a photo discussion by Don Roberson

Until recently, titmice in the western United States did not engender much comment. They are essentially resident and not subject to much vagrancy. Growing up in the oak woodlands of California, I did learn at an early age that any mystery vocalization heard in that habitat would likely prove to be a titmouse, and they (along with Bewick's Wren) still are the authors of the vast majority of calls that make one pause for a moment. With the 7th edition A.O.U. Check-list, however, the "Plain Titmouse" was split into two species: Oak Titmouse Baeolophus inornatus of oak woodlands Oregon to Baja west of the Sierran/Cascades divide and Juniper Titmouse B. griseus in the Great Basin juniper woodlands east of the divide. This great shot of Oak Titmouse was taken by John Sorensen in Monterey County ("MTY" hereafter) and does show the brownish tone to the upperparts typical of MTY birds in good light. The Juniper Titmouse is essentially gray. In most places the vocalizations of the two are different and very useful for identification purposes.

A gray titmouse is common and approachable in the campground at Lava Beds National Monument, eastern Siskiyou Co., California. This is within a couple miles of the Modoc County border and I would call it within the western Modoc Plateau. During a recent overnight there my impression was that it sounded like an Oak Titmouse but looked and acted more like Juniper Titmouse. My impressions that the calls recalled Oak Titmouse is shared by others like Bruce Deuel. The habitat is entirely sparse junipers among sage; I saw no oaks in the campground. I am left confused and could use help.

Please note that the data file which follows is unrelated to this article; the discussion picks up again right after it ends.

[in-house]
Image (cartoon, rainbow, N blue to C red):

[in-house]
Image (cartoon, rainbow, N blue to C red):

I took some photos in poor light (1/30th sec.) so they are fuzzy. Below left is one of these mystery Lava Beds titmice in the campground; below right is another shot of Oak Titmouse taken by John Sorensen in MTY but showing a bird that looks a lot grayer than the top photo, but still with a slight brownish wash to the upperparts (all photos © 2000 D. Roberson and J. Sorensen, respectively, as identified herein; all rights reserved).

Vocalizations aside, the Nat'l Geographic field guide says that the Juniper's bill is "usually larger" and their painting shows a bit thicker bill. Compare bill size of this Oak Titmouse from Monterey Co. (left) with the Lava Beds titmouse (right).